The sensor may be a motion sensor or a microswitch or magnetic switch, for example.
The remote control device may include an infrared transmitter and the receiver correspondingly includes an infrared receiver.
In the preferred embodiment, the controller includes a sound synthesizer and the signaling device comprises a speaker coupled to the controller to receive sound signals therefrom. The synthesizer generates beep sound signals representing changes of state of the security alarm device between its armed and unarmed states and a siren sound or a honking horn signal, and the controller causes the synthesizer to generate the beep signals in response to a change in state of the security alarm device between its armed state and its unarmed state and the siren or honking horn sound in response to activation of the at least one sensor in the armed state of the security alarm device.
The signalling device may be a visual device such as the vehicle lights, or the signalling device can include audio and visual devices. The audio and visual devices may be lights and a horn which are typically provided with a vehicle, or audio and visual devices which form part only of the alarm device.
The invention is illustrated in the figures of the accompanying drawings which are meant to be exemplary and not limiting, in which like numerals in the different figures refer to like or corresponding parts, and in which:
In the preferred embodiment, the alarm device 12 includes a remote control 30 and a receiver 32 (
The controller 40 is preferably a programmed computer which includes a sound synthesizer, and is programmed to carry out the functions described herein and generate sound signals representing the sounds described herein in response to input signals from the receiver 32 and the sensors 50, 51. Alternatively, a separate sound synthesizer may be provided.
In the vehicle 10, an IR receiver 32 detects the modulated IR light emitted by the IR emitter 64 and supplies the detected signal to a demodulator 70, which demodulates and decodes the received signal and provides an output signal on the appropriate output Out 1, Out 2 or Out 3 depending upon the modulated signal received by the IR receiver 32. The outputs Out 1–3 of demodulator 70 are coupled to trigger inputs TG 1–3 of a controller circuit 74. The motion sensor 50 is coupled to a fourth input of the controller circuit 74. An LED alarm indicator 26 is coupled to the STA output of the controller circuit 74, and when lit indicates that the alarm is armed. In the embodiment of
The IR receiver 32, the demodulator 70 and the controller circuit 74 may be conventional. In the preferred embodiment, the controller circuit 74 is a Series W528x integrated circuit available from Windbond Electronics Corp. (Republic of China), and includes an ADPCM (adaptive differential pulse-code modulation) voice synthesizer. The controller circuit 74 includes a programmed processor, which may be programmed by one of skill in the art to carry out the functions described herein.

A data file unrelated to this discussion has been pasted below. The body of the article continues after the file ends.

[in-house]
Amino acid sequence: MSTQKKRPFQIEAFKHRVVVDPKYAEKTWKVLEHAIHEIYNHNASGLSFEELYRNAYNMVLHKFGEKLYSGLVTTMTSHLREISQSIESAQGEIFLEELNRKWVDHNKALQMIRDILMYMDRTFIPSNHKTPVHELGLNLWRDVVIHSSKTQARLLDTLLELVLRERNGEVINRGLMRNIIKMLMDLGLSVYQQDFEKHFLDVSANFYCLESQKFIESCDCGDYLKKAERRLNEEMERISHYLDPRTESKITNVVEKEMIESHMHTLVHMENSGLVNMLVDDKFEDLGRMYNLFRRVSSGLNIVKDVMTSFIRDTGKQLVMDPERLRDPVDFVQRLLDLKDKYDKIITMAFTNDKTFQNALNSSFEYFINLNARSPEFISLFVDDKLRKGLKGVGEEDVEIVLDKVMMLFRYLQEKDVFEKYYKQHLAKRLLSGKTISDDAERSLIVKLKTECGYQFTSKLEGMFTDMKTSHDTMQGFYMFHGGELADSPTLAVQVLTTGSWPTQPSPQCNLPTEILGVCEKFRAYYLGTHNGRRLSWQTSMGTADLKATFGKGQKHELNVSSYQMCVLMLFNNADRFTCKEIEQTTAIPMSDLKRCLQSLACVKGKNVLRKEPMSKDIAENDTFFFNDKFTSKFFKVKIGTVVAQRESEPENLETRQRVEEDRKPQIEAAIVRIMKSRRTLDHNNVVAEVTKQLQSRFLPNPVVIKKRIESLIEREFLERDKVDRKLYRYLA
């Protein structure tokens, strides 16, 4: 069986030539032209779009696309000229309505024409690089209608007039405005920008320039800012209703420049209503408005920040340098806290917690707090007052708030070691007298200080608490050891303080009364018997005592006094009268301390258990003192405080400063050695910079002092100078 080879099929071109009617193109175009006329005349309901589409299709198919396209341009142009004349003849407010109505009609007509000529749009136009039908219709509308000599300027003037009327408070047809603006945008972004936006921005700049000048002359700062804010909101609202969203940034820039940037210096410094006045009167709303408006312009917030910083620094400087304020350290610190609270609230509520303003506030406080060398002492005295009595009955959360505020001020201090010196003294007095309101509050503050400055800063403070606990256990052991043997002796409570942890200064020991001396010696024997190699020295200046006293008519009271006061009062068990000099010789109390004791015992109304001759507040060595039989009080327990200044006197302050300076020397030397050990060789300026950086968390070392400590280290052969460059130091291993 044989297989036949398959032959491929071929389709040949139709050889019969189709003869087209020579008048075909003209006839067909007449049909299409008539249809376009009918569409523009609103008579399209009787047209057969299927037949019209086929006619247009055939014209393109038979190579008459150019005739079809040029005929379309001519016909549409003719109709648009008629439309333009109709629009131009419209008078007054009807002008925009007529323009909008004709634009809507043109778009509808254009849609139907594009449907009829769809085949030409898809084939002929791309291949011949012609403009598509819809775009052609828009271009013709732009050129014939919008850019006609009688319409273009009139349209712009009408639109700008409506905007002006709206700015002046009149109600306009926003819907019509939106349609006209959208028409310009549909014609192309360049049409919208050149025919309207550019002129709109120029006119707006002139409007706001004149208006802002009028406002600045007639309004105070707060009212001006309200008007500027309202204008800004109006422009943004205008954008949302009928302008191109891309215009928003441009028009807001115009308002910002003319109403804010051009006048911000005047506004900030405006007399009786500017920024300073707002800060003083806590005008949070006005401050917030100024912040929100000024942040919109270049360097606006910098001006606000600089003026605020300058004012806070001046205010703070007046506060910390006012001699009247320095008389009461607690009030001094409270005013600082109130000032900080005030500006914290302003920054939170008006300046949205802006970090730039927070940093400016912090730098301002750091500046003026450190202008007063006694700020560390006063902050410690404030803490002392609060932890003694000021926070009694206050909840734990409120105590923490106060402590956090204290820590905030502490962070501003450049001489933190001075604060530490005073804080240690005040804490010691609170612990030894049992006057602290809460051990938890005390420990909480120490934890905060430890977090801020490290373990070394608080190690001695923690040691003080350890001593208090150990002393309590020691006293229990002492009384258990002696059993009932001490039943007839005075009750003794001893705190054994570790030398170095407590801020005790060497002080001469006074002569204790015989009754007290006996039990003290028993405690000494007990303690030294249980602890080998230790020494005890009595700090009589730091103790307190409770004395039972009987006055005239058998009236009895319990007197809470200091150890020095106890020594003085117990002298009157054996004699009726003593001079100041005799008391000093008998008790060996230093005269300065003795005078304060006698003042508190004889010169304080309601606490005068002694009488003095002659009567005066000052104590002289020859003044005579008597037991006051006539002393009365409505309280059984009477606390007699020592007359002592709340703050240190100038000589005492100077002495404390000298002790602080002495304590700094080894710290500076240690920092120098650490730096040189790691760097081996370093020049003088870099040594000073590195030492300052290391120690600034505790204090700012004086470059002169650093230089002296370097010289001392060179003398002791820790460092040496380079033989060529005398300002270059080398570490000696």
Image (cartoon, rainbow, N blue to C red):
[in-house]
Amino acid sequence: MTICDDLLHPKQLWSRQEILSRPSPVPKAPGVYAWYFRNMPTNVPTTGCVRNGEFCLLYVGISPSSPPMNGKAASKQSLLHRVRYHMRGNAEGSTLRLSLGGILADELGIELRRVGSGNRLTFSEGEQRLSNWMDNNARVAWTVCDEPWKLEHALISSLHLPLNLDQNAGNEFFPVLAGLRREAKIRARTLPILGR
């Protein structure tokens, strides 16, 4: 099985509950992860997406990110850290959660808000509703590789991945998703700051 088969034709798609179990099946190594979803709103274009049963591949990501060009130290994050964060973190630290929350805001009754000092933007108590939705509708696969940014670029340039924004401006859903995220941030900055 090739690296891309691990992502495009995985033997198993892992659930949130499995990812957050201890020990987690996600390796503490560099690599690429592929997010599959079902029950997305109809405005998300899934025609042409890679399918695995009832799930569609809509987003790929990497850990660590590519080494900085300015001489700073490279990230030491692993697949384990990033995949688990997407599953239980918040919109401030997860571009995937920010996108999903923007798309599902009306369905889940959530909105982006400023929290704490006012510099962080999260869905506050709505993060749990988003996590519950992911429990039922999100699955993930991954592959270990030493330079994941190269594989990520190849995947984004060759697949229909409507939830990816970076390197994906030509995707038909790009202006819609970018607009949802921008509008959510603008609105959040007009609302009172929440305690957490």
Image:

While the invention has been described and illustrated in connection with preferred embodiments, many variations and modifications, as will be apparent to those of skill in the art, may be made without departing from the spirit and scope of the invention. The invention as set forth in the appended clams is thus not limited to the precise details of construction set forth above as such variations and modifications are intended to be included within the spirit and scope of the invention as set forth in the defined claims.
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|U.S. Classification||340/12.22, 446/409, 446/454, 446/410, 340/426.18, 273/442, 446/175, 340/691.1|
|International Classification||A63H30/04, A63H17/32, A63H5/00, A63H17/39, G08C19/00, A63H17/25|
|Aug 9, 2002||AS||Assignment|
Owner name: BANK OF AMERICA, N.A., AS ADMINISTRATIVE AGENT, WA
Free format text: SECURITY INTEREST;ASSIGNOR:TOYMAX, INC.;REEL/FRAME:013153/0981
Effective date: 20020621
|May 15, 2006||AS||Assignment|
Owner name: JAKKS PACIFIC, INC., CALIFORNIA
Free format text: ASSIGNMENT OF ASSIGNORS INTEREST;ASSIGNOR:TOYMAX, INC.;REEL/FRAME:017606/0911
Effective date: 20060401
Owner name: TOYMAX, INC., CALIFORNIA
Free format text: RELEASE BY SECURED PARTY;ASSIGNOR:BANK OF AMERICA, N.A.;REEL/FRAME:017606/0807
Effective date: 20050830
|Sep 7, 2009||REMI||Maintenance fee reminder mailed|
|Oct 7, 2009||AS||Assignment|
Owner name: JAKKS PACIFIC, INC., CALIFORNIA
Free format text: NUNC PRO TUNC ASSIGNMENT;ASSIGNOR:TOYMAX, INC.;REEL/FRAME:023337/0034
Effective date: 20060401
|Jan 31, 2010||LAPS||Lapse for failure to pay maintenance fees|
|Mar 23, 2010||FP||Expired due to failure to pay maintenance fee|
Effective date: 20100131